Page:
Now that we have seen how to deal with exceptions thrown by others, let's join in on the fun. We throw exceptions when we encounter a situation we consider to be an error. In our example, even json input like {"age": "horse"} will run and print "Hello NaN" to console. But from our perspective, a user without a valid number as an age would be an error, right?

To handle this, we can check and throw our own error if a user's age can't be parsed as an integer:

if(isNaN(age)){
    throw "Age is not a number"
}

We can throw any variable we want, like strings, numbers or objects. For now we just throw a simple error message string.

Why you should throw Error objects

Now that we have seen how easy it is to throw a string, why would we want to throw more complex data types like the Error type? Because it provides a lot of built-in debugging information in addition to our error message, like the name of the file the exception happened in, the line and column within that file:

Adjusting our code to throw an Error type is not much effort, but the benefits are obvious:

if(isNaN(age)){
    throw new Error("Age is not a number")
}

Handling exceptions selectively

Now that we have seen how to throw a single exception, let's make the example a little more complex. Assume that in addition to checking if the age is a number, we also throw another exception for users who are less than 18 years old. Let's say our application has some fancy code somewhere else to check for parental permission if the user is a minor but our application doesn't. This creates a problem: how do we distinguish between the exceptions that were thrown?

The solution is to create our own Error types by extending the builtin Error type:

class TooYoungError extends Error {}
class InvalidAgeError extends Error {}

if(isNaN(age)){
    throw new InvalidAgeError("age is not a number")
}
if(age < 18){
    throw new TooYoungError("user is younger than 18")
}

This simple line of code enables us to still use the Error object under the hood and have all the debugging information for free while throwing a custom error so our catch can distinguish between the types of exceptions it handles:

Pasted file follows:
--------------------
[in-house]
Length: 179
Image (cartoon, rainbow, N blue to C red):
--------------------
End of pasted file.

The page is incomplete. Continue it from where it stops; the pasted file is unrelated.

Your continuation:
catch(err){
    if(err instanceof InvalidAgeError || err instanceof SyntaxError){
        // handle bad json inputs
        console.log(`Ignoring invalid json input: ${err}`)
    }else{
        // let someone else deal with age issues
        throw err
    }
}

The code now checks what type the error message is using type instanceof and still ignores invalid age values or malformed json. But if it encounters someone too young for our application it will throw the err value again. Throwing an exception from a catch block is called re-throwing. Be re-throwing, our catch block gives responsibility for handling the exception to the function that called the current function (or it's parent, ....) until one of them either handles the error or it arrives unhandled in the main scope, where it would crash our javascript process once more.

Let's add a catch block around the entire onclick event to catch the re-thrown error as well:

let input = document.querySelector("input")
let button = document.querySelector("button")

// define custom error types
class InvalidAgeError extends Error {}
class TooYoungError extends Error {}

document.querySelector("button").onclick = async()=>{   

    // wrap onclick event handler into try block to catch re-thrown exceptions
    try{

        // set some visual loading state
        // and prevent further clicks while working
        button.disabled = true
        button.innerText = "processing..."

        try{
            // simulate a long-running task by waiting 2s
            await new Promise(r => setTimeout(r, 2000))

            //parse input & greet user
            let user = JSON.parse(input.value)
            let age = parseInt(user.age)
            if(isNaN(age)){
                throw new InvalidAgeError("age is not a number")
            }
            if(age < 18){